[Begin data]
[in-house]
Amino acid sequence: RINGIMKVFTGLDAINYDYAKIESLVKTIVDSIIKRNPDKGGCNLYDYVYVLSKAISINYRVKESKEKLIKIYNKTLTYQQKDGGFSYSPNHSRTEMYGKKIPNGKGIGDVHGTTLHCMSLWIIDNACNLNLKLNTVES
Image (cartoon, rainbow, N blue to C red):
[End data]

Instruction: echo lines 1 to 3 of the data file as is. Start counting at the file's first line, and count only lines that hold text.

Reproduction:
[in-house]
Amino acid sequence: RINGIMKVFTGLDAINYDYAKIESLVKTIVDSIIKRNPDKGGCNLYDYVYVLSKAISINYRVKESKEKLIKIYNKTLTYQQKDGGFSYSPNHSRTEMYGKKIPNGKGIGDVHGTTLHCMSLWIIDNACNLNLKLNTVES
Image (cartoon, rainbow, N blue to C red):